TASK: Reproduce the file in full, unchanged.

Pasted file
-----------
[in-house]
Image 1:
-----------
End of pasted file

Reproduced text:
[in-house]
Image 1: